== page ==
Give help. Get help.

  • # March 20, 2013 at 2:23 pm

    Ok, so what is your level of knowledge on HTML, CSS?

    # March 20, 2013 at 2:25 pm

    It is very possible to have three scripts on the same page, however, you need to ensure that nothing is conflicting such as duplicate identifiers in your js and/or duplicate ids and/or classes in your css…

    # March 20, 2013 at 2:33 pm

    Ensure that you always call for your external documents (meaning outside the page) into your < 'head'> section of your page in the following order:

    Stylesheets (CSS)

    JavaScript Library (jQuery in your case)

    jQuery Scripts

    Inline jQuery Scripts

    Don’t call a secondary script before you’re done with the first script. You want to make sure that you work on one at a time, typically from the top of the page down, before continuing onto the next one. This way it is easier to locate and troubleshoot your problems…

    # March 20, 2013 at 2:37 pm

    Also, with CSS it is best to have everything in a single stylesheet (as much as possible) and use section labeling in the document to locate specific areas for modification. The reason being that it adds to your load time calling more documents. Browsers typically load 1-2 files at a time. This can be modified on your side, but regardless, the end-users will only have the limit of 1-2. Same goes with images. Best practice is to use sprites…

    # March 20, 2013 at 2:39 pm

    If I am losing you at this point, I’m afraid that you have much to learn before taking on website development/ design. If you’re still with me, then let me know where you are at. If you would like, you can send me your files in a zip and I can take a look through them…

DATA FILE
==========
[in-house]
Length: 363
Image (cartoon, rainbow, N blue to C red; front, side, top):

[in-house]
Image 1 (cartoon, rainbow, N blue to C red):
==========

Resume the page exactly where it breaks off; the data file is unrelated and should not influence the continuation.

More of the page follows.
# March 21, 2013 at 11:01 am

    Thank you. I have a good working knowledge of HTML and CSS. And I try to put everything into one CSS file.- Except -when I add a JS script, I usually add a style sheet for it.

    # March 21, 2013 at 11:09 am

    > Always place your JavaScript in the < 'head'> section! I know I may get a lot of haters on this, but don’t do that.

    You sure will.

    In a lot of cases, the JS isn’t needed until the page is fully loaded. So that the bottom of the page is the place to ‘activate’ that JS.

    If you put modernizer or responsive.js in the footer the screen will have to redraw / repaint based on that JS after it’s already loaded / painted.

    By all means put **essential** scripts in the head. Other scripts can wait until the end. In fact, I dare to say, that’s best practise.

    # April 12, 2013 at 6:51 am

    Like I said, I know I would get haters on what I said about placing your JavaScript in the < 'head'> section, however… Some older browsers will sometimes ignore it and you may even have errors falsely reporting in the console. I spent quite a few weeks on a clients website (quite large with a lot of JS dependencies), along side two other veteran designers, having to re-structure their website because a lot of things were going haywire due to calling JS at the end of the document.

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